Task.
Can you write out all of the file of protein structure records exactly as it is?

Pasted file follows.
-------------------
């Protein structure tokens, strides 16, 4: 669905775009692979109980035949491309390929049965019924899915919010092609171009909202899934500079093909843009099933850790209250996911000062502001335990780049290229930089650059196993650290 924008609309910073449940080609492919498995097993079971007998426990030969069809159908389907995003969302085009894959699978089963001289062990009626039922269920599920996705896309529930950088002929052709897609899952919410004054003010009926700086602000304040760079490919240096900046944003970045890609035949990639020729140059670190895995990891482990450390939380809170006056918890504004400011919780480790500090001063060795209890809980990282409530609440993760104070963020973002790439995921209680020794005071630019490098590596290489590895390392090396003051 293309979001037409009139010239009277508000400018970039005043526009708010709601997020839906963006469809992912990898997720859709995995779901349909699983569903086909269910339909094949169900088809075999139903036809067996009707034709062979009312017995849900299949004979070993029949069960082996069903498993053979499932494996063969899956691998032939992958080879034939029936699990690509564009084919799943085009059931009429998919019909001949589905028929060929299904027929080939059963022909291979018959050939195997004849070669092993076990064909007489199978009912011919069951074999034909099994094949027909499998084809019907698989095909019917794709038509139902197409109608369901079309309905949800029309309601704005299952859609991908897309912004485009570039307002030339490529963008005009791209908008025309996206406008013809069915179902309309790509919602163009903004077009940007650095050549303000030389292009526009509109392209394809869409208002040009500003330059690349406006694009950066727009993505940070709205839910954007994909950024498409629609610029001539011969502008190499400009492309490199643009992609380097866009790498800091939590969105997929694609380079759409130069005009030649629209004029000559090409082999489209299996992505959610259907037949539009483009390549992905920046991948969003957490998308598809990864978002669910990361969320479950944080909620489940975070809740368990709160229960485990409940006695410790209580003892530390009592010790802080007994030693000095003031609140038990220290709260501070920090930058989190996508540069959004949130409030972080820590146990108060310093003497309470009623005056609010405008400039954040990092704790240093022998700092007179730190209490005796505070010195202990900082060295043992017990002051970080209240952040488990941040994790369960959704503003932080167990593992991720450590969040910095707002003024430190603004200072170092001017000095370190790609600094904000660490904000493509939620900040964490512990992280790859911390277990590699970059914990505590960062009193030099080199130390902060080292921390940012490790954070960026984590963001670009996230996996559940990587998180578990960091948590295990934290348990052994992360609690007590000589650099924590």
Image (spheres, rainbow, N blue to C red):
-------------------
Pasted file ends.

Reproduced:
């Protein structure tokens, strides 16, 4: 669905775009692979109980035949491309390929049965019924899915919010092609171009909202899934500079093909843009099933850790209250996911000062502001335990780049290229930089650059196993650290 924008609309910073449940080609492919498995097993079971007998426990030969069809159908389907995003969302085009894959699978089963001289062990009626039922269920599920996705896309529930950088002929052709897609899952919410004054003010009926700086602000304040760079490919240096900046944003970045890609035949990639020729140059670190895995990891482990450390939380809170006056918890504004400011919780480790500090001063060795209890809980990282409530609440993760104070963020973002790439995921209680020794005071630019490098590596290489590895390392090396003051 293309979001037409009139010239009277508000400018970039005043526009708010709601997020839906963006469809992912990898997720859709995995779901349909699983569903086909269910339909094949169900088809075999139903036809067996009707034709062979009312017995849900299949004979070993029949069960082996069903498993053979499932494996063969899956691998032939992958080879034939029936699990690509564009084919799943085009059931009429998919019909001949589905028929060929299904027929080939059963022909291979018959050939195997004849070669092993076990064909007489199978009912011919069951074999034909099994094949027909499998084809019907698989095909019917794709038509139902197409109608369901079309309905949800029309309601704005299952859609991908897309912004485009570039307002030339490529963008005009791209908008025309996206406008013809069915179902309309790509919602163009903004077009940007650095050549303000030389292009526009509109392209394809869409208002040009500003330059690349406006694009950066727009993505940070709205839910954007994909950024498409629609610029001539011969502008190499400009492309490199643009992609380097866009790498800091939590969105997929694609380079759409130069005009030649629209004029000559090409082999489209299996992505959610259907037949539009483009390549992905920046991948969003957490998308598809990864978002669910990361969320479950944080909620489940975070809740368990709160229960485990409940006695410790209580003892530390009592010790802080007994030693000095003031609140038990220290709260501070920090930058989190996508540069959004949130409030972080820590146990108060310093003497309470009623005056609010405008400039954040990092704790240093022998700092007179730190209490005796505070010195202990900082060295043992017990002051970080209240952040488990941040994790369960959704503003932080167990593992991720450590969040910095707002003024430190603004200072170092001017000095370190790609600094904000660490904000493509939620900040964490512990992280790859911390277990590699970059914990505590960062009193030099080199130390902060080292921390940012490790954070960026984590963001670009996230996996559940990587998180578990960091948590295990934290348990052994992360609690007590000589650099924590």
Image (spheres, rainbow, N blue to C red):